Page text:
Rhapsody in Bloo

A dogumentary of my life with my hooman

A strange walk in the park

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dog walking

Courtesy of Vlado at FreeDigitalPhotos.net

Yesterday, I was walking my dog in my neighborhood. As we walked by his favorite field, he relieved himself in the exact same spot he does every day.

On this particular day there was a game going on in the field, so cars and people where coming and going around us. As I gathered my lavender-scented poop bag from my pocket to do my duty, this strange man came walking towards us.

Bloo is still learning leash manners and we’ve finally overcome him barking and lunging at people when they walk by so I wasn’t that alarmed at this point. But this man was making a b-line for Bloo with his hand out reaching toward his face. This is when I started to panic. I quickly, grabbed the leash with both hands and told the man, “my dog is not friendly, please back away.” The man continued to walk towards us with his hand outstretched reaching for him. As I backed us up a bit I said to him again. “He’s not friendly.”

Fortunately, Bloo was completely behaving himself and just sitting there watching this all unfold (most likely because I had cookies in my hand).

Finally, the man said “does your dog have a license.” I said “Yes, he has a license, ” and I proceeded to show him the haggard license on his collar.  The man then walked away. I am assuming he is the dog catcher though he never identified himself and looking back I should have asked him to. The whole thing was a bit creepy and uncomfortable. And hindsight is always 20/20.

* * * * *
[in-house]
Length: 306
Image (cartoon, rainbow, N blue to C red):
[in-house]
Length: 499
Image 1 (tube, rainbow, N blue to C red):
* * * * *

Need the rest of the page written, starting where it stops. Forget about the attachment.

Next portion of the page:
After thinking about this for the last 24 hours though, a few things come to mind:

  1. Do not EVER put your hand in a dog’s face without asking the owner if the dog is friendly. It’s scary for the dog and unsafe for the person. We got lucky yesterday only because I had cookies in my pocket. But otherwise it’s Bloo’s job to protect me and he takes that very seriously.
  2. Make sure your dog is licensed. It’s only $10 per year and it ensures your dog has all its necessary shots. Plus its a good way to help identify your dog if he/she ever gets lost in the neighborhood. Not to mention, in most towns and cities there is a dog ordinance requiring it.
  3. Read your town’s dog ordinance. Had Bloo not been licensed, according to our current dog ordinance, this creepy man could have taken my dog on the spot – but that’s another story for another time.

In order for dogs, dog owners and non-dog owners to live harmoniously, we need to respect each other’s space. A better scenario would have been if the dog catcher first introduced himself and then reminded me of the dog ordinance requiring a dog license and then asked me if my dog had one. It would have been a much safer and more pleasant interaction for everyone.

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